Friday, February 28, 2020

Project management Essay Example | Topics and Well Written Essays - 3000 words - 2

Project management - Essay Example The respondents comprise the management, middle- and low-level management staff of a global organization. Confidentiality is afforded the respondents. The values of the particular group of people are one form of influence on the organizational culture. There are two cultural systems present in a global organization, but are essentially separate: the national culture and the corporate or organizational culture. Cultural differences are present in global organizations. Most low-rank employees can be recruited in the country where business is built. These people have their culture apart from the culture in the organization which in turn forms another culture. Managers and employees working in an international environment are obviously subject to the impact of multi-country, regional and global change and dynamism than managers in a single-country operation. Managers should be fully aware of the culture’s values and what behaviors or actions those values support in order to take advantage of an existing cultural system. Employees and managers should develop a deep understanding of how organizational values operate in the firm. The study of multi-cultural influences in an organization is a concern of International HRM. Multiculturalism is an outcome of globalization. These organizations are global in context; meaning their operation, corporate set-up, orientation, are internationalized. The process of decision-making, including strategic decision-making, is clearly influenced by cultural factors. The collection of information, its interpretation, the dynamics of the group making the decision and the contextual constraints under which decision-makers work are all influenced to a greater or lesser degree by the culture of those involved. (Cray & Mallory, 1998, p 71) Communication failure between expatriates and local employees may arise from a number of factors, such as differences with regards to cultural adjustment

Wednesday, February 12, 2020

Compare and contrast the relationships which evolved between Essay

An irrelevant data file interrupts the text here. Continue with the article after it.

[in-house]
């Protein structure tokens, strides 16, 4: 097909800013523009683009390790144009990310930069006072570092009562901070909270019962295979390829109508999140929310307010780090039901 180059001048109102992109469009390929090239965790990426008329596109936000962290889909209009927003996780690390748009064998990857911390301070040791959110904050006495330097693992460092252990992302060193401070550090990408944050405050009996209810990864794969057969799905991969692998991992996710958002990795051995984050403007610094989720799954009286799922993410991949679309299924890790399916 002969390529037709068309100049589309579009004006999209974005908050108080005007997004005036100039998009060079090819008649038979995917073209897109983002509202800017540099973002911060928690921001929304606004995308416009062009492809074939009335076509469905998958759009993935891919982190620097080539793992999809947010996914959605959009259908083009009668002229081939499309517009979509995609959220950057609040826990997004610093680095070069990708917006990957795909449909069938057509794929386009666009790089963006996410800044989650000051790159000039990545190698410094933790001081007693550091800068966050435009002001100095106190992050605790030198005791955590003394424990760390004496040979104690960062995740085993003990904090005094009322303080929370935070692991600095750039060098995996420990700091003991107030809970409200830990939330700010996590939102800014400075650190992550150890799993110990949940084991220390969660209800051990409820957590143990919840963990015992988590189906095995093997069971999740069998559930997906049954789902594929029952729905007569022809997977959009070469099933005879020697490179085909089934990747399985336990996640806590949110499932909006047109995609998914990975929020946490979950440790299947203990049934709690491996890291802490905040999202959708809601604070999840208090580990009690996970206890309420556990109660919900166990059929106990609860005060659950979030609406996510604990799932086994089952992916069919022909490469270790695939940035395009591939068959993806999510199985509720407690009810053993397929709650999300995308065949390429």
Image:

Compare and contrast the relationships which evolved between technology subjectivity and space of concentration camsp factory Manhatten project cinema and the - Essay Example e to this led to one of the most violent expressions of individuality recorded in human history as Nazi Germany exalted the Aryan and vilified the Jew. The response to this violence, assisted through the use of yet further technology such as cinema and the exhibition to educate and influence the cultural mind, led the way to the current trend of increasing subjectivity within the Metropolis. Thus, there are numerous complex relationships apparent between the advances in technology to the degree of subjectivity inherent in a particular society as shown through the space of the factory, the concentration camps, the Manhattan Project, the exhibition and the cinema. One of the most important features of capitalism in industries was the capacity to impose a work discipline with uniform and regular patterns while eliminating the possibility of self-organizing (Thompson, 1967). Within the factories, many artisans were brought under the same roof and, more importantly, expected to work within the mills, a radically different production technique from that used previously within the cottage industries. â€Å"The nineteenth century demanded the functional specialization of man and his work; this specialization makes one individual incomparable to another †¦, this specialization makes each man the more directly dependent upon the supplementary activities of all others† (Simmel, 1903). The factory eliminates the need for the individual even while it works to separate the individual into appropriate work classifications for greatest effect, making each worker depend upon the work of another to function. Yet, this â€Å"colossal centralizati on, this agglomeration of three and a half million people on a single spot has multiplied the strength of these three and a half million inhabitants a hundredfold† (Engels, 1987) creating a need to institute some sort of control. Therefore, bringing all these people together also made surveillance possible at the least as a means of